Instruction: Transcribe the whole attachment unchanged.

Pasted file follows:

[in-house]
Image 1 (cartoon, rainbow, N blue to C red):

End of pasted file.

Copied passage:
[in-house]
Image 1 (cartoon, rainbow, N blue to C red):